Political Economy, Macroeconomics and Political System: General Theory and its Meaning in the Geopolitical Perspective on the Coronavirus Pandemic

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Peter Herrmann – Human Rights Center, Law School at the Central South University, Changsha, PRC, Berlin, Berlin, Germany

Series: Human Rights – Looking Towards the Future
BISAC: POL023000; POL035010; POL028000
DOI: https://doi.org/10.52305/GRWH8656

The COVID-19 pandemic has significantly impacted both natural and juristic persons worldwide, resulting in the loss of lives and livelihoods. This unprecedented crisis has also brought attention to the importance of human rights and has changed how they are understood. The debate surrounding human rights has long been contentious, with varying perspectives on what constitutes a fundamental right and how best to protect it. However, the pandemic has highlighted the need to balance human rights with public health concerns.

One of the most significant human rights issues highlighted by the pandemic is the right to health. The pandemic has exposed inequalities in healthcare systems worldwide, with some countries struggling to provide (adequate) medical care. As a result, there is a growing debate on ensuring everyone has access to healthcare, particularly during a pandemic.

The right to work also emerged as another human rights issue during the pandemic. The lockdowns and business restrictions have resulted in job losses and financial difficulties for many individuals and families. This has sparked a debate on the role of governments in protecting the right to work and ensuring that individuals have a source of income during a crisis. This is especially crucial in developing countries with high unemployment and informal economic activities.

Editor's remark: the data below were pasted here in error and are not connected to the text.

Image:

The pandemic has also emphasized the importance of the right to information. Governments worldwide have had to communicate critical information on the virus to their citizens, raising questions about the role of the media and the right to access information. Social media platforms have also played a crucial role in disseminating information about the virus, raising essential questions about censorship and the need to balance freedom of expression with public health concerns. Furthermore, the pandemic has highlighted the digital divide that exists in many countries, particularly in the global south. This has impacted the ability of those in underserved communities to receive reliable pandemic-related information in a timely manner.

It is crucial to note the need to bridge the gap between human rights and the economy. Establishing a cohesive relationship between human rights and the economy is essential to creating a fair and just society. By harmonizing legal and economic structures with human rights, we can generate more opportunities for success while ensuring greater resilience and the ability to cope with future pandemics. Recognizing the significance of this matter and striving towards solutions is crucial to creating a sustainable, fair, and brighter future for all.

In conclusion, the COVID-19 pandemic has exposed critical human rights issues that will continue to shape the debate on human rights. It has demonstrated the need to balance different rights and interests, including the right to health, work, and information, with public health concerns. It is essential to ensure that human rights are not disregarded in times of crisis and that governments take a rights-based approach to policymaking to protect everyone’s rights.

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Table of Contents

Foreword

List of Charts

Acknowledgments

Abstract

Chapter 1. Introduction

Chapter 2 .Political Economy, Macroeconomics and Political System

Chapter 3. Quotes

Chapter 4. Glossary

Chapter 5. Ubi societas, ibi ius – A Non-Trivial Introduction to Law and Economics

Chapter 6. The True Virus Hiding behind COVID-19 National Characters of Legal Systems – A Novel-Like Depiction as Tentative  and Impressionist Exemplification

Index

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